Jump to content
This Site Uses Cookies. If You Want to Disable Cookies, Please See Your Browser Documentation. ×

Alexandra

Administrators
  • Posts

    9,306
  • Joined

  • Last visited

Everything posted by Alexandra

  1. Thanks, Angela - Melnikov wasn't at all dull when he was with the Kirov -- he was very classical, i.e., he didn't throw his hair around, or grin, or make faces to show he was feeling the music. I saw him nearly ten years ago, so I suppose he would be in his early thirties now? And, of course, he could have changed. alexandra
  2. All this book and magazine talk is very interesting, and I hate to be a traffic cop, but I created a whole forum for reading material, and I'd love it if this discussion could continue there. As a helpful hint, I'm closing the thread! Thanks, alexandra
  3. Celia -- Yes, I do think it's possible. I think you'll know it when you see it. Watching ballet is a process of refinement. What you think is hot stuff your first season, may be less enticing later on. (First there's ice cream, then there's champagne.) It's like the processions in the old Petipa ballets (or Giselle's hunting party entree). First come the most beautiful women in the most beautiful gowns you've ever seen. Eight of them, better than a fashion show. Then come two or three others -- even more beautiful, with gowns that are unimaginably gorgeous. That last one MUST be the Queen, or Bathilde, or whatever Star is expected. And then, as the beautiful ones walks around the stage, showing off the clothes and the way they walk, there's a little pause and on comes -- the Queen. And you know it's the Queen, and you're embarrassed that you were ever taken in by the ladies in waiting. alexandra
  4. Celia -- Yes, I do think it's possible. I think you'll know it when you see it. Watching ballet is a process of refinement. What you think is hot stuff your first season, may be less enticing later on. (First there's ice cream, then there's champagne.) It's like the processions in the old Petipa ballets (or Giselle's hunting party entree). First come the most beautiful women in the most beautiful gowns you've ever seen. Eight of them, better than a fashion show. Then come two or three others -- even more beautiful, with gowns that are unimaginably gorgeous. That last one MUST be the Queen, or Bathilde, or whatever Star is expected. And then, as the beautiful ones walks around the stage, showing off the clothes and the way they walk, there's a little pause and on comes -- the Queen. And you know it's the Queen, and you're embarrassed that you were ever taken in by the ladies in waiting. alexandra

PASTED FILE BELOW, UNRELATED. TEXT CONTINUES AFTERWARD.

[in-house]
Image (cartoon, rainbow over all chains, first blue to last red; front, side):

5. Thanks to all for joining in on this one -- Olivier, it's wonderful to have a dancer respond with such lovely stories. Celia, "understanding the grand classical style" is related to what Margot wrote about Danilova's explanation of Sleeping Beauty. It's partnering, and presenting the ballerina, but it's more than that. It's the way the dancers actually move, the way the head is held, the fingers, the movement of the shoulders, that a foot is brought up to the knee cleanly, that a ronde de jambe describes a circle, doesn't just flap around. It's all the things that it takes nondancers years to see (and most fans don't care about too much, which is fine). But if you get into it, it's those "classical niceties" that separate great classical dancers (usually, but not always, those who have had the opportunity to study at one of the great academies) from good ones, or interesting ones. I can't comment on Evelyn Hart, because I haven't seen very much of her, and not at all lately. There are some dancers who are more aura than technique, and I've loved some of them. There are some who are both. Celia, a wonderful "game" to play is to rent some videos -- oh, four different Swan Lakes, or Raymondas, or a couple of those great "Greatest Hits of Our Glorious Russian Tradition" thingies, and play them back to back and see how different the dancers look. Margot, Danilova addressed the Dance Critics Association's conference on Sleeping Beauty about ten years ago. She wore a red Chanel suit and three-inch heels (the floor had just been waxed. We were all terrified every time she got up to demonstrate something, which she did at any excuse.) It was obvious that she had been burning with comments about Sleeping Beauty for years. From a Russian Imperial point of view, the Royal Ballet's Sleeping Beauty was too homey and middle-class. Marriage for love, balderdash. "Princess must be little bit snitty," said Danilova. I didn't quite understand what that meant at the time. (I've been helped greatly in understanding ballet by keeping mental note of sentences like those that I hear or read, things that don't make sense to me but that I'm sure are true, and keeping them in my head until I figure them out. Takes a long time, but it's worth it.) alexandra